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Clinical Research Fellow

  • Salary in the range of £30,302 - £47,647 per annum (depending on qualifications and experience)
  • Job Ref: MI/17/13
  • Duration: 4 Year fixed term contract

An outstanding opportunity has arisen for a Clinical Research Fellow to join the Manchester Melanoma Group at the Christie NHS Foundation Trust and the Molecular Oncology and Clinical and Experimental Pharmacology Groups at Cancer Research UK Manchester Institute. The aim of the project is to identify biomarkers of response and resistance to immunotherapies in melanoma and is intended to lead to peer reviewed publications and the award of a PhD.

Immunotherapy has revolutionised the treatment of metastatic melanoma and is having significant impact in other tumour types.  Approximately 40-45% of patients respond to single agent treatment (with immune checkpoint inhibitors anti-CTLA4, anti-PD-1, or anti-PD-L1) and 55% to combination treatment.  Together with targeted therapies, immunotherapy has contributed to increasing the expected median survival for patients with advanced melanoma from 9 months to 25-30 months. 

However, the mechanisms underlying primary and acquired resistance are multiple, complex and poorly understood. Even for patients responding to treatment, patterns of response and long term outcomes are variable. For this reason, it is imperative that clinical trials assessing immunotherapies include biomarker analyses over the course of treatment.

The Manchester Melanoma Group is working to understand the mechanisms underlying primary refractoriness to immunotherapies. These efforts involve the analysis of patient samples from patients on standard of care as well as on immunotherapy clinical trials. As part of these efforts, the group is planning two prospective, investigator-led studies to investigate: 1) the outcome of switching to combination immunotherapy in patients with disease that is primary refractory to single-agent immunotherapy and 2) a neo-adjuvant study of immunotherapy in patients with resectable mucosal melanoma.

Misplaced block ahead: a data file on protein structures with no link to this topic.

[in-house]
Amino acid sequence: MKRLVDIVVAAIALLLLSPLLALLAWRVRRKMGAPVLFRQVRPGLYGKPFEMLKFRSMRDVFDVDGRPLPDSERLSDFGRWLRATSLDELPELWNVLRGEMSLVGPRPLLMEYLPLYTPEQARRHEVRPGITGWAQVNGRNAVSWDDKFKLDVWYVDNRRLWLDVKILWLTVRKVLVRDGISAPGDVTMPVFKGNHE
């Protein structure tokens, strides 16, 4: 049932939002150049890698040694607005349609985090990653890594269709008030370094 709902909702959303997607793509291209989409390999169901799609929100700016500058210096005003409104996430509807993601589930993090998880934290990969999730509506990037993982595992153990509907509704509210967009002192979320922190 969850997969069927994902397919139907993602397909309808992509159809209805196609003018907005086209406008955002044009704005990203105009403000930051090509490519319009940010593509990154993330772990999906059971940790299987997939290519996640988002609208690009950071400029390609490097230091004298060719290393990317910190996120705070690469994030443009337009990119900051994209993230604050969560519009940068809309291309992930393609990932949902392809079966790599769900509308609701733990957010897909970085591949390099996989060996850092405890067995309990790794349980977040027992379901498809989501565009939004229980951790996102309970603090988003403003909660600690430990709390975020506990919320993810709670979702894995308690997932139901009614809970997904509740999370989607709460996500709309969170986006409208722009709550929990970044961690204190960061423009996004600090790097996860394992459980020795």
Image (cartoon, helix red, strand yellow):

The purpose of this PhD studentship is to lead on the development and co-ordination of the translational research aspects of the project and planned trials, to implement robust biomarker analysis to reveal the pathological and molecular mechanisms underlying primary resistance to immunotherapies, and to understand the clinical implications of the findings and how to use this information to improve patient care.

The successful applicant should have a MB, ChB (or equivalent) and hold Membership of the Royal College of Physicians (MRCP) (or equivalent) and General Medical Council (GMC) registration with license to practice medicine in the UK.

For any informal enquiries about this post, please contact Nathalie Dhomen, email:

The Cancer Research UK Manchester Institute (, an Institute of The University of Manchester (, is a world-leading centre for excellence in cancer research.  The Institute is core funded by Cancer Research UK (, the largest independent cancer research organisation in the world.  They are adjacent to The Christie NHS Foundation Trust (, one of the largest cancer treatment centres in Europe.  These factors combine to provide an exceptional environment in which to pursue basic, translational and clinical research programmes.

To apply for this position and for further information please visit their website:


The deadline for receipt of applications is: 5th April 2017




Start Date

13th March 2017

Closing Date

5th April 2017